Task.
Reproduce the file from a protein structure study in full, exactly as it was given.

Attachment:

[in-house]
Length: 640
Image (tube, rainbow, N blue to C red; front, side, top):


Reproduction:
[in-house]
Length: 640
Image (tube, rainbow, N blue to C red; front, side, top):